Danielle’s once-in-a-lifetime opportunity


Bathurst’s Danielle Girard is about to embark on an exciting adventure after accepting a once-in-a-lifetime position as lecturer in Clinical Exercise Physiology at the University of South Australia (UniSA).

This dream result is the culmination of more than 15 years hard work for Danielle, who credits a lot of her success to TAFE Western, where she has spent time not only studying, but teaching over the past two decades.

“I began studying at TAFE Western in 2000, just after finishing my HSC in 1999,” Danielle said. “I was still quite young (17) and really didn’t know what I wanted to be when I grew up. My mother suggested that maybe the Diploma in Fitness at Bathurst College would be suitable to fill in some time until I was older and hopefully had a clearer idea of what I wanted to do for employment.

“From an early age I had a keen interest in exercise, nutrition and how the body worked, so the course seemed to align well with my interests.”

From 2000-2002 Danielle undertook her fitness studies at TAFE Western. Six months into her course she gained employment at a community based fitness centre in Katoomba, a position she still holds to this day.

“This was really beneficial to me – being able to not only study for the industry but to be able to work in the industry,” she said.

“I’ve continued working at the fitness centre in Katoomba for the last 15 years, where I am currently working as a part-time fitness supervisor and have previously held roles including fitness team leader, group exercise instructor and personal trainer.”

In 2002, Danielle graduated from her Diploma with distinction and was awarded Outstanding Graduating Student Award for the Personal and Community Services Category and the City Fit Award which was presented to the most deserving student in Health, Recreation and Fitness at TAFE Western.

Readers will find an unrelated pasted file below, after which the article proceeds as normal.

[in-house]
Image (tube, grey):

“I then commenced working as a part-time TAFE Western teacher in Certificate III, IV and Diploma in Fitness in 2010,” Danielle said.

“I had been working as a sessional tutor at CSU where I taught the undergraduate Exercise Science courses the year prior (2009) while I was completing my Honours Degree.”

Danielle is now in the final stages of completing a Doctorate in Philosophy (PhD) at Charles Sturt University, before she will move to South Australia in early 2016 to take up her role at the University of South Australia.

“I’m definitely excited but it’s also really daunting,” Danielle said. “The decision to accept this position was a very difficult one for me to make.

“My support network (family and friends) are located in Katoomba and Bathurst, so it will be challenging for me to be moving so far away.

“It will hopefully be a great career opportunity for me both for teaching and research experience. The research facilities at UniSA are fantastic and I’m looking forward to being involved in some larger scaled research projects in the area of exercise and chronic disease management.”

What makes Danielle’s achievements all the more special is the fact she was diagnosed with dyslexia at eight years of age.

“I really didn’t enjoy my experience at high school,” Danielle said. “I felt like I didn’t fit in and really struggled to learn. Looking back I realise that I felt frustrated at having large class sizes (25 students) and there wasn’t any remedial type therapies or support being offered to me.

“Over time I’ve recognised that it takes me a lot longer than most people to read and interpret text and the TAFE setting was much more suitable for me.

“I would certainly contribute some of my professional success to my study at TAFE Western.

“I was a very shy teenager and uncertain of myself and where I was going in life. I have been very fortunate to have a found something that I am really passionate about and have been able to turn into a career.

“The skills that I learnt and the success I have had during my studies have provided me with life-long skills and helped me develop the confidence that I now have, which has helped me get where I am today career-wise.”

Under changes to Smart and Skilled, courses at TAFE Western in 2016 will be fee-free for people with a diagnosed disability.

“There’s never been a better time than now to enrol with TAFE Western,” Institute Director Kate Baxter said.

For information about TAFE Western’s huge range of courses, advice or enrolments, visit www.tafewestern.edu.au or phone 1300 823 393.